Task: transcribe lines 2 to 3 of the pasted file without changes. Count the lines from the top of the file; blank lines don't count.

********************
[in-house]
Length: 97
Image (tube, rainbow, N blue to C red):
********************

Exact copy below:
Length: 97
Image (tube, rainbow, N blue to C red):